Etihad Airways will cease nonstop flights between Perth and Abu Dhabi from October 1 2018.
The end of its daily Perth flights will leave Etihad Airways with services to three Australian destinations – Brisbane (daily with Boeing 787-9s), Melbourne (twice daily with 787-9s and 777-300ERs) and Sydney (twice daily with Airbus A380s).
An Etihad Airways spokesperson said the decision to drop Perth was part of an “ongoing review of network performance”.
“The cancellation of the Perth route is one of several adjustments that we are making to our network in 2018 in order to improve system profitability,” the spokesperson said in an emailed statement.
“Etihad Airways is grateful to the city of Perth and its authorities, Perth Airport, local businesses, the travel trade, and the travelling public for their partnership throughout the years of our operation.
“Along with our travel agency partners, we will work closely with impacted guests to notify them of the changes to their itineraries and re-accommodate them on alternative flights.”
Etihad Airways began flying to Perth in 2014 with Airbus A330-200s, before upgauging the service to Boeing 787-9 equipment in 2016.
In 2015, the airline said it had been “thrilled” with the performance of its Perth-Abu Dhabi flights.
However, in recent years there has been an increase in competition from the likes of Emirates, which has boosted capacity through the use of the Airbus A380, and Qatar Airways, which began serving Perth in 2012 and also plans to use the A380 to Perth from May 2018.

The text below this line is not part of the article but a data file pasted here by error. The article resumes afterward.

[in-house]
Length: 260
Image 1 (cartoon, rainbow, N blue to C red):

And in March Qantas commenced its Perth-London Heathrow nonstop flight with Boeing 787-9s.
Further, Singapore Airlines, which competes for passengers travelling to Europe, is bolstering its offering on the Perth-Singapore from May when it deploys the 787-10 with its latest cabin products, including lie-flat beds with direct aisle access in business class on the route.
An analysis of the Australian government’s Bureau of Infrastructure, Transport and Regional Economics (BITRE) figures showed Etihad carried 86,367 passengers on its Perth-Abu Dhabi flights in the six months to January 2018.
This was down three per cent from 89,126 passengers in the prior corresponding six-month period to January 2017.
The end of nonstop flights to Perth is the latest in a series of network changes at Etihad Airways as part of efforts to improve its financial position under chief executive Tony Douglas, who took the reins in January 2018.
It is ending flights to to Ho Chi Minh City in Vietnam at the end of August, while service to Edinburgh, Scotland will cease in September.
Previously, the airline has also withdrawn from Dallas/Fort Worth and San Francisco, and reduced frequency on its nonstop Abu Dhabi-Los Angeles schedule.
“Etihad Airways is committed to the Australian market and continues to offer regular schedules to its key gateways across Australia through Sydney, Brisbane and Melbourne, all of which are major markets for the airline,” the Etihad spokesperson said.
Etihad Airways’ investments in other airlines, a hallmark of former chief executive James Hogan’s tenure as chief executive is also under the spotlight, given the collapse of airberlin and ongoing financial difficulties of Alitalia.
Etihad Airways in 2017 sold off its shareholding in Switzerland-based Darwin Airline to Slovenia-based Adria Airways.
In Australia, Etihad Airways holds a 20 per cent stake in alliance partner Virgin Australia and has a seat on the Australian carrier’s board.
Its other airline investments include India’s Jet Airways, Air Seychelles and Air Serbia.
Virgin Australia was to have started its own Abu Dhabi-Perth flights with A330-200s in 2017 but cancelled the service even before the inaugural flight took off due to what it said at the time were changes in market conditions that made the route unviable.
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